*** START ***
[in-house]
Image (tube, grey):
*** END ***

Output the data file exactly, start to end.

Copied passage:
[in-house]
Image (tube, grey):